Myanmar, formerly known as Burma, is a stunning and historic country that has remained relatively untouched by the rest of the world. The country only opened to tourism in the mid-1990s, but it’s still not a place that many people would choose to visit.
This Southeast Asian country has had a complex political history that is still continuing until today. We’ll talk about that in the safety section of this guide. Its instability is a real shame because Myanmar is home to so much history, culture and hospitality.
Thousands of ancient temples dot its land which has remained relatively undisturbed from modern development. Nature is thriving, from the pristine beaches of Ngapali to the majestic Inle Lake with its floating gardens and stilt villages.
If you’re somebody who loves authentic experiences and off-the-beaten-track adventures then you will love Myanmar.
We’ve created this ultimate guide to Myanmar to share with you everything that this unique country has to offer.
Is Myanmar safe?
A lot of travellers want to know whether Myanmar is safe to visit right now. The answer is that some areas of Myanmar are safe to visit. These include Bagan, Yangon and Mandalay.
However, a lot of the country is still unsafe to visit, or you’re not even allowed there as a tourist. You can find the areas that are off-limits on the Myanmar government website.
What is happening in Myanmar?
After gaining independence from the British in 1948, Myanmar has experienced periods of military rule and political unrest.
Since then, there has been an ongoing ethnic civil war, the persecution of Rohingya Muslims, landmines, bandits and a huge opium trade. In 2021, a military coup took place which overturned the democratically elected government, leading to protests and civil unrest.
If you do choose to travel to Myanmar right now check whether your government is advising against travel there and whether your travel insurance covers a visit there.
Is Myanmar worth visiting?
If Myanmar wasn’t experiencing such troublesome times, we think that Myanmar would be one of the hottest places to visit in Southeast Asia right now.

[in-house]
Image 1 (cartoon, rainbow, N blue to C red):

Myanmar is where you’ll find the ancient city of Bagan, home to over 2,200 awe-inspiring temples, making it one of the most remarkable archaeological sites in Southeast Asia.
You’ll also get to experience a culture and society that hasn’t been diluted by outside influences as much as other countries. Treks through Myanmar’s countryside will introduce you to remote tribal villages whilst walking down the streets of Yangon will show you the incredible hospitality that Myanmar has to offer.
And when you’re not exploring, you can be enjoying Myanmar’s culinary delights. Its cuisine is a delightful blend of flavours influenced by neighbouring countries such as India, China, and Thailand.
Myanmar might not be a country worth visiting right now for everyone, but once peace falls upon the country, it’s going to be a treasure trove of unforgettable experiences.
Best destinations in Myanmar
Top 3 places to visit in Myanmar
A lot of the country is still off-limits to tourists, so picking our top 3 places to visit in Myanmar was relatively easy:
Bagan — an ancient city with over 10,000 temples
Bagan is an ancient city and a UNESCO World Heritage Site. It’s believed that over 10,000 temples, pagodas, and monasteries once stood in this ancient city built between the 9th and 13th centuries. Now, around 2,200 temples remain.
One of the best ways to explore Bagan is by hopping in a hot air balloon and taking to the skies during sunrise. Bagan is like nothing you will have seen before, especially as the warm golden glow lights up the temples nestled amongst the trees below.
Wake up early to catch the sunrise coming up over the ancient city or hop in a hot air balloon to take in the stunning sights from above. Bagan is like nothing you’ve seen before and a must-see when visiting Myanmar.
Check how to get from Yangon to Bagan.
Inle Lake — floating gardens, fishermen and local villages
Inle Lake offers you a chance to delve into Myanmar’s countryside and witness spectacular beauty, floating gardens and a unique way of life. The lake is home to several ethnic groups who have built their homes on and around the lake.
Visiting these villages, you can learn about the fisherman’s distinctive technique that involves rowing balancing on one leg and using the other leg to fish with a conical net. That’s not the only genius you’ll get to see. The local farms have created floating gardens on the lake that look magnificent but also provide food for the local community.
Yangon — the form capital city of Myanmar
Yangon is a bustling city that is a melting pot of cultures and ethnicities. It’s home to many different communities including Bamar, Indian, Chinese and a mix of ethnic minorities. This diversity is reflected in the city’s cuisine, religious practices and festivals.